Finding one progressive farmer, the task force convinced him to implement the post-harvest methods that the study promisingly recommended. After he, and then others, saw success with post-harvest management, the first ‘Banana Festival’ was established in 2012. It became the first forum where farmers from the region could share their knowledge and help each other to improve their farming methods.

The Festival has proven to be a huge success. And today the Indian government wants to take the concept and replicate it in many other regions within India.

What were some of the barriers you had to overcome?

Purushothaman: The journey proved to be long and filled with obstacles. But with the study ready to prove a payback time within seven years and the possible doubling of income for farmers, the stakeholders were eventually convinced.

In essence, sharing knowledge with the farmers about new technology and post-harvest management methods was what ultimately meant we could overcome any barriers.

What kind of changes or impacts have you seen as a result of addressing food loss?

Purushothaman: We’ve been able to change the production system to be oriented toward minimizing food loss, and this was from establishing the Banana Festival as a forum for knowledge sharing, which made farmers aware of the benefits of post-harvest management.

Before the study there were no or limited management systems and practices, and the cold chain infrastructure was either unavailable or inefficient. As an outcome, today the number of cold storage has increased in clusters.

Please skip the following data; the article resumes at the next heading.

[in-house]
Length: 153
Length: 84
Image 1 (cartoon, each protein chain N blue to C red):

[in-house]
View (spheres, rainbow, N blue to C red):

Ultimately, the farmers’ incomes increased three-fold, Mr. AP Karuppiah, Chairman of Tamilnadu Growers Federation says:

“Earlier banana farmers in this belt did not know that we have to take care of the produce post-harvest as well. We were concentrating on producing more. Now we understand the use of post-harvest management techniques like sorting, grading, pack houses, cold storages, and ripening chambers. This has enabled us to reduce losses as well as get better prices for our produce because of better quality. Knowledge transfer from companies has been immense due to the work undertaken by the task force. Markets such as Austria were not known to us earlier. However, this is only the beginning and we have to do so much more in the state.”

What has surprised you and what advice would you give others?

Purushothaman: Today, bananas from Tamil Nadu have reach Europe for the first time! The Festival has been a part of ultimately improving the life quality of the farmers, whose produce is now reaching markets that were unavailable due to the previous short life span of the banana. The farmers’ incomes have increased by unbelievable numbers that would make farmers worldwide envious.

Not only do Indian farmers have a festival to get insights into tomorrow’s post-harvest management, they have also formalized their organization into one of the first-ever farmer producer organizations in India.

It’s been exciting to see what’s been achieved, and the lessons from this example can possibly have impact in other markets too.